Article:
Magic is a game of numbers: sixty cards, 20 life, draw two cards, take 7 damage, and add three counters. There are even more numbers surrounding the game—facts and figures, prices and trivia, they are everywhere. In Affinity for Numbers, I uncover and highlight some of the more interesting numbers in Magic. Today's numbers are all about the forthcoming expansion Oath of the Gatewatch.
It will cost you nothing to switch Wandering Fumaroles from a 1/4 to a 4/1 creature. That's a pretty nice beat stick and good use of surplus mana. Fun fact: A fumarole is an opening in or near a volcano, through which hot sulfurous gases emerge. I have no earthly idea how such a thing could wander, but it seems clear that somebody went deep into a thesaurus for card names this time.
Remorseless Punishment gives your opponent a choice about how your 5-mana sorcery affects him or her . . . usually not great, and the card is probably a bulk-rare-to-be. What is great, however, is this phrase: "Repeat this process once." There's something inherently awesome about subjecting your opponent to the same effect back-to-back. I hope to see this phrase on more Magic cards in the future.
For most people, Hedron Alignment is a hexproof scry engine for . For all of the Johnny players out there . . . it is a challenge. Do it, Johnny; do it.
2/2 Black and Green Elemental Creature with Deathtouch
The rich get richer with Hissing Quagmire. Abzan and Jund players have yet another option in their colors. Dies to burn, you say? Oh sure, it'd be better as a 1/4, but do try to be reasonable would you?
Welcome to the big leagues Eldrazi—you get your own charm! Warping Wail and will allow a player to exile a threatening or annoying creature, or counter any sorcery, or create a 1/1 Eldrazi Scion. The first two have led to a whole lot of licking of lips and gnashing of teeth, depending on what decks you love to play or hate to play against.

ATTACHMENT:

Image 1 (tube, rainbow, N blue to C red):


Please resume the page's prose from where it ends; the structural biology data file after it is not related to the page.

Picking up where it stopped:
Goblin Freerunner is a nice, aggressive common. I like Alex Ullman's take on it as a turn-two, anti-Delver play in Pauper. I also like the flavor text.
4 Legendary Enchantments
Oath of the Gatewatch contains a cycle of four legendary enchantments. There are only thirty-nine other legendary enchantments in all of Magic, twenty of which are from the Theros block and are also a creature or artifact. The rest are from the Kamigawa block. The best of this Oath cycle for competitive play might actually be the green one, Oath of Nissa.
Green is prominent in Standard, and green decks will have little trouble finding a creature, Planeswalker, or land they'd like to play.
5 Creatures with Four Abilities
Five creatures from Oath of the Gatewatch sport four abilities: Endbringer, Sphinx of the Final Word, and, I guess, World Breaker, Bearer of Silence, and Dimensional Infiltrator if you want to count devoid.
This is a significant number given Standard had only twelve such creatures already (four with devoid).
Pre-order prices are almost always a sucker’s bet, but . . .
Does this mythic-rare instant make Eldrazi Ramp a tier-one Standard deck? Does devoid make it a better choice against Affinity and Etched Champion in Modern? Is there room for it in Tron? Maybe, but preordering is still a sucker's bet. If Kozilek's Return starts seeing a lot of play, the rarity will drive the price up higher than $14, but chances are it goes down first.
14 Colorless-Mana Producers
Colorless mana is here. It is different from generic mana, and it has its own symbol. Wizards took pains to support this change in Oath of the Gatewatch with fourteen cards that produce colorless mana.
Those are all the numbers I have for you today. If you also have an affinity for numbers, and have one you think I should share, let me know on Twitter @MrVigabool.